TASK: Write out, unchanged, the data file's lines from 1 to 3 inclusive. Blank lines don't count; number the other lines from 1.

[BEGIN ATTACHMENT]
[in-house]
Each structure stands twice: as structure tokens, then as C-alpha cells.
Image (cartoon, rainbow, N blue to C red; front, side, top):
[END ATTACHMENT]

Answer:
[in-house]
Each structure stands twice: as structure tokens, then as C-alpha cells.
Image (cartoon, rainbow, N blue to C red; front, side, top):